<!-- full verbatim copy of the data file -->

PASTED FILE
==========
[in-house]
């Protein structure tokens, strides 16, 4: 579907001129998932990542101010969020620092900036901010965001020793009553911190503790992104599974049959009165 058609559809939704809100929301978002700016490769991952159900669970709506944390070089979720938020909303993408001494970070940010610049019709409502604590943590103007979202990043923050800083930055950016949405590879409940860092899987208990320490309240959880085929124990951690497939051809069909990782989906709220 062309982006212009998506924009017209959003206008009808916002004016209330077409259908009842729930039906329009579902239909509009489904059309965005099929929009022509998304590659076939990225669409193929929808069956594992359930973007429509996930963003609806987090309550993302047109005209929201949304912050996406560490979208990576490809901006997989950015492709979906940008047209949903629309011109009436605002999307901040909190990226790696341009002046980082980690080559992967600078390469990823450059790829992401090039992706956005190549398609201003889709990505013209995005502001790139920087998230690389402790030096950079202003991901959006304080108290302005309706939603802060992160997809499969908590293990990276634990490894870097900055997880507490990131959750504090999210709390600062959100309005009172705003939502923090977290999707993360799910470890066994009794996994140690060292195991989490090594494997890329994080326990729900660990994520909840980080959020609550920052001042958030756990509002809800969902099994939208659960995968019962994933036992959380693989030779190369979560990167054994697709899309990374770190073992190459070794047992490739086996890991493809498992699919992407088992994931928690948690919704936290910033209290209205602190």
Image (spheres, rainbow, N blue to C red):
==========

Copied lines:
[in-house]
């Protein structure tokens, strides 16, 4: 579907001129998932990542101010969020620092900036901010965001020793009553911190503790992104599974049959009165 058609559809939704809100929301978002700016490769991952159900669970709506944390070089979720938020909303993408001494970070940010610049019709409502604590943590103007979202990043923050800083930055950016949405590879409940860092899987208990320490309240959880085929124990951690497939051809069909990782989906709220 062309982006212009998506924009017209959003206008009808916002004016209330077409259908009842729930039906329009579902239909509009489904059309965005099929929009022509998304590659076939990225669409193929929808069956594992359930973007429509996930963003609806987090309550993302047109005209929201949304912050996406560490979208990576490809901006997989950015492709979906940008047209949903629309011109009436605002999307901040909190990226790696341009002046980082980690080559992967600078390469990823450059790829992401090039992706956005190549398609201003889709990505013209995005502001790139920087998230690389402790030096950079202003991901959006304080108290302005309706939603802060992160997809499969908590293990990276634990490894870097900055997880507490990131959750504090999210709390600062959100309005009172705003939502923090977290999707993360799910470890066994009794996994140690060292195991989490090594494997890329994080326990729900660990994520909840980080959020609550920052001042958030756990509002809800969902099994939208659960995968019962994933036992959380693989030779190369979560990167054994697709899309990374770190073992190459070794047992490739086996890991493809498992699919992407088992994931928690948690919704936290910033209290209205602190």
Image (spheres, rainbow, N blue to C red):